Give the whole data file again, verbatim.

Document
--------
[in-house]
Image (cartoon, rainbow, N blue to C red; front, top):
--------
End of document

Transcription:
[in-house]
Image (cartoon, rainbow, N blue to C red; front, top):